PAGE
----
Twisted Dreams Series: T-Rex (Short Story)
The children snickered as he outlined the equation on the blackboard. What could they possibly be snickering about? His nerves became more rattled as he began stumbling over the explanation of the equation. ‘And you carry the x . . . , no you carry the y over to the left to celebrate . . . I mean separate it from the . . .’ he couldn’t take it anymore. He calmly placed the chalk in its holder and excused himself from the classroom.
He closed the door behind him and standing in the empty hallway unleashed his frustration. ‘These kids can just die! Those stupid kids can go to hell for all I care! Those dumb kids! I hate them! I hate them all!’ He continued his lunatic ranting as he pounded his fist against his skull and pulled at his hair.
After five minutes or so, the frustration subsided and he returned to his classroom. The children were failing to suppress their laughing. With a deep breath, and a readjustment to his glasses, he completed the equation.
The following day in class, the same snickering consumed his students. Again, the snickering breeds a self-conscious paranoia within him and he excused himself to the hallway. ‘Stupid kids! Always laughing but can’t answer one question right! I’ll break their necks and send them all to hell! Those kids aren’t worth anything!’ Lost in his ranting, he was unaware that his shouting rattled the nearby lockers. ‘Yes, T-Rex I’ll let you have them. And you can have them - those kids – you can have them all T-Rex!’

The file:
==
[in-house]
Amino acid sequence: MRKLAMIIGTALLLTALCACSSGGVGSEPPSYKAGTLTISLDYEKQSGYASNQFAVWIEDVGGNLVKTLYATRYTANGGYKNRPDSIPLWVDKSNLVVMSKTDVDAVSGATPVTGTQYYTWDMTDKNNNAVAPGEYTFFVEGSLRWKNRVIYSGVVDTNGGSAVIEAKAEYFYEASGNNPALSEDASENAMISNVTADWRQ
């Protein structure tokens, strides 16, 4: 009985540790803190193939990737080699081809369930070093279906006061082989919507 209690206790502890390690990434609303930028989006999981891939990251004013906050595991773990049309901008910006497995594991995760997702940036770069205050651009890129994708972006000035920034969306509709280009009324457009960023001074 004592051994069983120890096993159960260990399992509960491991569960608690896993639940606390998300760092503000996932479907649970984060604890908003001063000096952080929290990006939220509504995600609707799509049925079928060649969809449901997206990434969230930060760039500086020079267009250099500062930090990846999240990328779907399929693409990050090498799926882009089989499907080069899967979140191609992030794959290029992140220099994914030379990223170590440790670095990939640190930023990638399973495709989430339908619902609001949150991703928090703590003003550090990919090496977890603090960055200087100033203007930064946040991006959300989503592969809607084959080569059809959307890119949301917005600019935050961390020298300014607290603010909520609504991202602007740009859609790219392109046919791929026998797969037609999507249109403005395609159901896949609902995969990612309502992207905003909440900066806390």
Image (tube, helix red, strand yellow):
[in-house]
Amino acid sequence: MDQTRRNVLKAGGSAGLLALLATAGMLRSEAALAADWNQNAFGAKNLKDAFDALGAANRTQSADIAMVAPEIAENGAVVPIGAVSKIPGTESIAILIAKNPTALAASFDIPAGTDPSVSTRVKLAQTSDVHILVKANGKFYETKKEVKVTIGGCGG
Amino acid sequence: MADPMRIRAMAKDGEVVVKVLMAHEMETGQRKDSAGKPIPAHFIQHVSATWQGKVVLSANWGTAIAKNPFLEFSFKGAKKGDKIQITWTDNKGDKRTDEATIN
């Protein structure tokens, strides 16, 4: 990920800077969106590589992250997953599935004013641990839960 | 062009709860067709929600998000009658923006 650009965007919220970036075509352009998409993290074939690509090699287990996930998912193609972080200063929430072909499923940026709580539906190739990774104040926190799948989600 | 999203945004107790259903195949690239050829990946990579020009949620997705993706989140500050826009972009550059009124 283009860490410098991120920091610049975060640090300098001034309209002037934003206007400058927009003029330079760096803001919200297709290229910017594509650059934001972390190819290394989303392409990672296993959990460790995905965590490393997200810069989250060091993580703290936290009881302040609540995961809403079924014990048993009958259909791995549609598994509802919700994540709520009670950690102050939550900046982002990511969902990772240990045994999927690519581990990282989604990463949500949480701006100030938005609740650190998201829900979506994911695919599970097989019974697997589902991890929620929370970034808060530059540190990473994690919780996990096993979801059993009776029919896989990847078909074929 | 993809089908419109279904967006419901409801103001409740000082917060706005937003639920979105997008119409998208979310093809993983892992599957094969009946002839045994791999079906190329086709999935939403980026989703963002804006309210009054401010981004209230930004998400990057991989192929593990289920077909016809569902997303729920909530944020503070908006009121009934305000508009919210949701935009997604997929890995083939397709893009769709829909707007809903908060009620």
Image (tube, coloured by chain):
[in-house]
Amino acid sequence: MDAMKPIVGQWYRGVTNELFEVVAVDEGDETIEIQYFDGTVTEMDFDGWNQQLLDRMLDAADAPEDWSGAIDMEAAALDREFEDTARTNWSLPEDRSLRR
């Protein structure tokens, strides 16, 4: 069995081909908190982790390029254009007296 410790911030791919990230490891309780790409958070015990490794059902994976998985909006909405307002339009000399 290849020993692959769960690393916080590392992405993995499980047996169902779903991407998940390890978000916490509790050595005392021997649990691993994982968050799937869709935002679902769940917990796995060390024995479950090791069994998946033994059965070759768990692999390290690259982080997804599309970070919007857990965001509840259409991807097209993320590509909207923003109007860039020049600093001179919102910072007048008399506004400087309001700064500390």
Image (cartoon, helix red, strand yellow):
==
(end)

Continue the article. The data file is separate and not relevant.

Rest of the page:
He returned to his classroom where the children were laughing uncontrollably. The children overheard his loud ranting through the classroom door.
‘Mr. Branch,’ giggled Melissa, an honor student that favored neon blue nail polish, ‘why do you always leave the classroom?’
‘Don’t worry, I’ll have you meet T-Rex.’, he smiled.
Melissa stopped giggling, and began writing frantically in her composition book.
Once Melissa reached home, she told her parents of the events that occurred in class. Outraged by what was being reported by their twelve year old daughter, they immediately contacted the school’s principal.
The start of class the next day, the school board members filled the auction block, and standing before parents and students, announced Mr. Branch’s replacement with Mr. McCrimmon. Without answering any questions regarding the sudden dismissal, the members left the auction block one after the other.
Mr. McCrimmon settled along with his new class that day, with no problems to report to the principal or other teaching staff.
Around 5:30pm, the main office was suddenly swarmed with phone calls. Parents were reporting their children missing and asking of their whereabouts. School ended at 3:30pm, and after school sessions ended at 5:00pm. What the staff assistant found peculiar was that all the missing children belonged to Mr. McCrimmon’s class. She reported her findings to the principal. The principal made his way to Mr. McCrimmon’s class, in hopes he could provide some assistance.
A few minutes passed, the principal returned to the main office with loss of all color to his face.
‘What’s – what’s wrong sir?’ asked the staff assistance, a little hesitant in whether she wanted the answer.
‘There’s blood everywhere,’ he whispered, ‘I can’t tell a leg from an arm in there.’